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USA car companies fund research to develop a recycling system that helps both the environment and the economy
The United States Advanced Battery Consortium, an organization that includes Ford, General Motors and Fiat Chrysler Automobiles, has awarded a $2.2 million contract to a research team working on a process for recycling lithium-ion batteries. The research also aims at the production of new plug-in hybrid electric vehicle battery cells using the recovered cathode material.
The project will have a duration of two years and will be led by the Worcester Polytechnic Institute. Lab studies allowed the researchers to recycle up to 80% of the cathode materials from unsorted batteries (the process does not require an kind of sorting).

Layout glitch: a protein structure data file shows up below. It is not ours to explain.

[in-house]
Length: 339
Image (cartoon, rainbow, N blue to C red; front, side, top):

The process is based on the shredding of the batteries: the steel, aluminum, iron, copper, and plastics are recovered and recycled; the cathode materials are recovered and then used to synthesize new cathodes.
“Batteries are among the costliest components of electric and hybrid vehicles”, explain researchers. The good news is that the research results show that this recycling process can cut the cost of cathode materials for vehicle batteries by more than 30%.
“If we can reduce the cost of lithium-ion batteries – add the researchers – while also recovering and reusing large amounts of materials that are currently being thrown away, we can offer a value-driven path towards improved industry sustainability”.
50% of the research contract is funded by the US Department Of Energy, while the rest is funded by the WPI and by battery producers.